"But when the Comforter is come, whom I will send unto you from the Father, even the Spirit of truth, which proceedeth from the Father, He shall testify of me" (John 15:26).
After His resurrection, as He was about the ascend to Heaven, Jesus reminded them once more of the coming of the Holy Spirit soon after He would leave them:
"Behold, I send the promise of my Father upon you: but tarry ye in the city of Jerusalem, until ye be endued with power from on high" (Luke 24:49).
I will soon be leaving the world and returning to Heaven, Jesus tells them, but "I will pray the Father, and He will give you another Helper, that He may abide with you forever - the Spirit of truth..." The Greek word translated "Helper" (NKJV) or "Comforter" (KJV) is parakletos, meaning "one who is called alongside to help." In contemporary Greek usage, the word often had the meaning of "a helper in court," a person who spoke on behalf of another person before a judge - in other words, an intercessor. The word translated "another" in John 14:16 is allos, which means "another of the same kind." God the Holy Spirit is "another Helper" of the same kind as God the Son.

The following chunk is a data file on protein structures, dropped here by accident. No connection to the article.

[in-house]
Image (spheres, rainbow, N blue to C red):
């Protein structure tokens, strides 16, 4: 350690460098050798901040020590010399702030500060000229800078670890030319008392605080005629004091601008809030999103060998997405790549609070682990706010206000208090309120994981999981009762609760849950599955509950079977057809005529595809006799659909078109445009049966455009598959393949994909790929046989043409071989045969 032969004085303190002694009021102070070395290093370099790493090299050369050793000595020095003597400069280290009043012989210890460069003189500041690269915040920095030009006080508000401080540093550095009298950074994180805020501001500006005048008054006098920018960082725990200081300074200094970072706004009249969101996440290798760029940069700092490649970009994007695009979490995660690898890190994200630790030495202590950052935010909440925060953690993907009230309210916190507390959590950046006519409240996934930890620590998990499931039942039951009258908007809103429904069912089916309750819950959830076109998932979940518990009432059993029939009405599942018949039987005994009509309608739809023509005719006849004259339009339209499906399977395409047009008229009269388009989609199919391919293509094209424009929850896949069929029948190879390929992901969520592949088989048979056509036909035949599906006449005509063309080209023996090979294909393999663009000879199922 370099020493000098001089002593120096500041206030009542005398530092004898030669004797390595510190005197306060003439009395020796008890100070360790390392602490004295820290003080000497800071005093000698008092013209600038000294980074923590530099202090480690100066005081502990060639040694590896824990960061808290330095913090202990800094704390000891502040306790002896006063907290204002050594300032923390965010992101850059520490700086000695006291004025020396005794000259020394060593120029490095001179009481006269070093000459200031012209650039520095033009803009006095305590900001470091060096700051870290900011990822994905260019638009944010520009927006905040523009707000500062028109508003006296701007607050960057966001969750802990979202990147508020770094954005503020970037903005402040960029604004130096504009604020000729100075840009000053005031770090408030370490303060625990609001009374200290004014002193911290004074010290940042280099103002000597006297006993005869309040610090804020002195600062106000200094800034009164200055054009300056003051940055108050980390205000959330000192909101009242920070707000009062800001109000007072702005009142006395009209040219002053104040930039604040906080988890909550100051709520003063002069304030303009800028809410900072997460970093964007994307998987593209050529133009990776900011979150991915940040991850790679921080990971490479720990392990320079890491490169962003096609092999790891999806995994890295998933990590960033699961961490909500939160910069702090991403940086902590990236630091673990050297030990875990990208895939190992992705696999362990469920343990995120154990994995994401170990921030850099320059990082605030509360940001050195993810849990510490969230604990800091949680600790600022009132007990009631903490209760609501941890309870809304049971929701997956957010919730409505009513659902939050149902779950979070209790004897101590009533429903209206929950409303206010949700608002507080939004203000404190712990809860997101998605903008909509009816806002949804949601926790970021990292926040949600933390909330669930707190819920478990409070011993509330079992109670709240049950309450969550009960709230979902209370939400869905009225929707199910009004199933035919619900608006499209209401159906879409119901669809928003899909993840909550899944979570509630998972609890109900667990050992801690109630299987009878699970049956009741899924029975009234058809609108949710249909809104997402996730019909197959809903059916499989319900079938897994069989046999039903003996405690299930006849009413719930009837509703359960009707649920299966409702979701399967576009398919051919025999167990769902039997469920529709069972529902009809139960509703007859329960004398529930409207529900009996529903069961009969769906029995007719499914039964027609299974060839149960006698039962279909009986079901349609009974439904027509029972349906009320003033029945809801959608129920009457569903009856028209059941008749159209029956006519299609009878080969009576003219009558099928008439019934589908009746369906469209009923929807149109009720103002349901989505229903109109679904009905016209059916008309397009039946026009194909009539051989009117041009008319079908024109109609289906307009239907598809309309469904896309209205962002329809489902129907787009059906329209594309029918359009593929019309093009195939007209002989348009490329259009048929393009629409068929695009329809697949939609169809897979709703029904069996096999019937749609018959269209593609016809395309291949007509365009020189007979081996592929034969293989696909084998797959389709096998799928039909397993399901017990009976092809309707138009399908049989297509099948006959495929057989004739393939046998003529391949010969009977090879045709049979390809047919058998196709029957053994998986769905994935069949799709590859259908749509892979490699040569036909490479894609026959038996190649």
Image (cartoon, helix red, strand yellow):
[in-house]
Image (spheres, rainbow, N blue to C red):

Our Paraclete in Heaven
Although the Gospels do not record Jesus ever referring to Himself directly as a paraklete, John in his epistles used the term to describe the intercessory work of the Lord Jesus Christ: "If anyone sins, we have an Advocate (parakletos) with the Father, Jesus Christ the righteous" (1 John 2:1).
Hebrews 7:25 tells us that Jesus is able to save "to the uttermost" (a strong phrase meaning "utterly completely") all who come unto God through Him, "seeing he ever lives to make intercession for them."